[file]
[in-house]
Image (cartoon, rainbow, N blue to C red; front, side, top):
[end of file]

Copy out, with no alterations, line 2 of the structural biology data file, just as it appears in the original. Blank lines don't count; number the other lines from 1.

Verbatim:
Image (cartoon, rainbow, N blue to C red; front, side, top):